Amazon Launches Lumberyard, a New Game Engine

Amazon, a company which was originally an online bookstore, has slowly been getting into the gaming space. In 2014 they acquired Twitch, then the lead service in video game streaming. Last year they licensed a sophisticated game engine, CryEngine. There was not a lot of news about this, and it wasn’t until earlier this week that Amazon’s plans came into focus when they announced Lumberyard, an Amazon powered game engine.

What does it mean to be Amazon powered? Amazon’s web services are very easy to integrate into developers’ games, allowing them to add multiplayer or other online capabilities without having to worry about maintaining their own servers and scaling. Developers can choose to use private servers for online content, but they are restricted from using competing services like Microsoft Azure.

Lumberyard is open source and free to use. You can publish to a number of platforms without any licensing fees and it seems like Amazon is hoping that an influx of developers paying for AWS will cover the cost.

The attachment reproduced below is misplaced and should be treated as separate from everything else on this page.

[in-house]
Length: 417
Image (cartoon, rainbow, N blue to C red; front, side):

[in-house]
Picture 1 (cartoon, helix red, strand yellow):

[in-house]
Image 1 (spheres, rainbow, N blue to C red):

Another key feature of Lumberyard is integrated Twitch streaming. This will allow anybody to start streaming their game. ChatPlay is a Twitch API that developers can use so that viewers’ chat messages have real impacts in the game itself. There are a number of cool games that could be built with this concept.¬†Game developers can leverage other types of Amazon services. What if Amazon Redshift was integrated for real time analysis of player movements?

Right now game engine does not support mobile platforms, just PC and game consoles. However, given Amazon’s Fire TV, it is very likely that TV support will come alongside support for smartphones. Amazon will have the ability to control the hardware, game engine, and app store, putting them in full control of their platform. Android being an open platform means that any Lumberyard-built game should also work on Android TVs.

Nick Felker

Nick Felker

Nick Felker is a student Electrical & Computer Engineering student at Rowan University (C/O 2017) and the student IEEE webmaster. When he's not studying, he is a software developer for the web and Android (Felker Tech). He has several open source projects on GitHub ( Devices: Moto G-2013 Moto G-2015, Moto 360, Google ADT-1, Nexus 7-2013 (x2), Lenovo Laptop, Custom Desktop. Although he was an intern at Google, the content of this blog is entirely independent and his own thoughts.

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